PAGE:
Many entrepreneurs are seeing opportunities in 3D printing marketplaces. Offering a service to amateur designers for selling their 3D files seem to be the big deal. For now, market size is very questionable but as a 3D designer you might want to give it a try, even more if your designs really rock.
There are 3 types of marketplaces for 3D print files:
- 3D printing services: offer designers to open a store on their platforms and take a commission each time a 3D print is ordered. No download available, only the print. Examples: Shapeways, Sculpteo, i.materialise, Kraftwürx
- Free sharing: These are the platforms specialized in Creative Commons and Public Domain files.
- Home 3D printing: the boom of new marketplaces is more specifically in this field. They are designed for people with home 3D printers who want to download files (usually for FDM machines). Exemples: 3D Burrito, Layer by Layer
- Hybrid: some websites are offering download of the file and service 3D printing as well. Cubify, MakerShop
- Meta search engines: they agregate 3D files coming from multiple websites. Exemples: Yeggi, Fabforall
They are ordered alphabetically. No jealous!
123D is a set of online 3D tools for modelling and 3D printing. It comes with a gallery of designs shared by the users that can be downloaded after signing up on the website.
3D Burrito is a 3D designs marketplace focused on hobbyists and amateur designers. Customers buy the files of the designs. There is no detailed information about the file and how to 3D print it properly. As a user, you really have to trust the creator of the file. Sellers decide their price and 3D Burrito takes a 30% fee on each sale. Free designs are also available.
3D Part Source is the search engine for industrial 3D parts and suppliers launched by Industri.es. Its particularity is to enable a search by shape. You can drag and drop 3D files on the website and find parts that have similar shapes.
Azavy is a 3D printing marketplace based on a bidding system. Designers upload their files and get compensate when someone 3D print their file. 3D printer owners bid for taking care of the requested 3D prints. The website just went public but is still in beta version. There is only a handful of 3D designs available and no 3D printing offer available at the time.
CADyou is a repository for public domain and creative commons 2D and 3D models. 20 000 models are available but not many files for 3D printing yet. The search filter for “stereolitography” files (.STL) doesn’t give any results yet!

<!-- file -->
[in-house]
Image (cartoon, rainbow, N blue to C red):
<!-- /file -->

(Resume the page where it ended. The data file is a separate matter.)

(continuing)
CGTrader is a marketplace for 3D designs where you can buy, sell or request designs. As one of the biggest 3D designs repository on the Internet, CGTrader is not focused exclusively on 3D printing. But you can use a search filter for “print-ready” files that will show you a very decent amount of results compare to most websites. Many details on the file available, but it goes with a price.
CNCKing is a repository for 3D printing files (as well as files for CNC laser, router and plasma products) that counts only 35 files. But the website has been evolving a lot recently and we might expect some more designs coming soon. Designers can sell their designs for free on the website but have to go through a selective process.
Create This lets designers sell STL, SCAD and 3DS files. The platform takes a 30% commission fee and you get paid by check. Minimum sale price is $1.49. The website is in Beta version, so pretty slow and basic. Except the possibility to browse by file format, not much information and guarantee about the designs is provided.
CubeHero is a 3D designs repository specifically focused on 3D printing that is offering an integrated versioning system. Users are able to see changes that have been made to a 3D file, share source files and even their bill of material. Designs are hosted on GitHub. About 88 models are available so far. Service and files are free.
Cubify is the website that goes with the Cube 3D printer made by 3D Systems. The marketplace shows about 1200 designs available for sale, which have to be 3D printed by 3D Systems. Home 3D printer users can also download some files for free for 3D printing on their machine. 84 files are available so.